South African biotech company to develop first African-owned Covid-19 vaccine

Thursday June 23 2022
Vaccine pic

Most African countries get their vaccine supplies from Unicef through the vaccine alliance Gavi.

By AMINA WAKO

A year after the creation of the mRNA Vaccine Technology Transfer Hub, a South African biotech company has teamed up with a Belgium-based firm to develop an African Covid-19 vaccine.

South Africa’s Afrigen Biologics and Belgium’s Univercells will develop the first African-owned Covid-19 shot as part of a broader effort to reduce the continent’s reliance on other regions for vaccines.

During the signing of the agreement on Tuesday, Afrigen, based in Cape Town, said it is working to facilitate the production of mRNA vaccines at more than 15 manufacturing sites in low- and middle-income nations worldwide.

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“The Covid-19 pandemic has shown that there is a pressing need to build African capabilities in vaccine development and manufacturing. Without the capacity to make their own vaccines, too many countries haven’t been able to access them,” said Petro Terblanche, Afrigen’s managing director.

Africa, which imports about 99 percent of the shots it needs, was left far behind wealthier nations in securing shots during the pandemic, with manufacturing concentrated in just a handful of countries.

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The partners said they will seek to develop vaccines that are cheaper to produce and easier to store and distribute in rural and remote locations where few people have been vaccinated.

Several of the existing mRNA vaccines must be contained in super-cold storage to retain their efficacy, which poses problems for some countries trying to get the vaccines to rural areas, where electricity supply is not guaranteed.

The group is developing an mRNA vaccine that can be stored in regular refrigerators, so it is easier to store and distribute to rural populations without needing special equipment.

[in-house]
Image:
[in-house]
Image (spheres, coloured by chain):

It will also be working with eTheRNA, a technology company with the expertise to deal with vaccines and cold storage challenges.

In December, the African continent missed the World Health Organization’s (WHO) target of vaccinating 40 ercent of its population.

According to WHO, in January and February, Covid-19 vaccine uptake on the continent rose by 15 percent. However, as of March, 15 countries still had not fully vaccinated 10 percent of their populations, and 21 countries had only vaccinated between 10 percent and 19 percent of their people.

Only the island nations of Mauritius and Seychelles have surpassed 70 percent vaccination coverage.

Over two years after the pandemic, only 13 African countries have reached the 40 percent target.

Most African countries get their vaccine supplies from Unicef through the vaccine alliance Gavi.

According to the Africa Centres for Disease Control and Prevention (Africa CDC), 17.6 percent of the 1.4 billion people on the continent have been fully vaccinated.

So far, the continent has received over 823 million vaccines. Of these, 593 million have been administered, accounting for 72 percent.

In Kenya, over 35 million vaccines have been received, with 31.5 percent of the adult population fully vaccinated.

According to Africa CDC, over 12 million vaccines have not been used, even as the number of daily vaccinations is below 15,000 doses per day.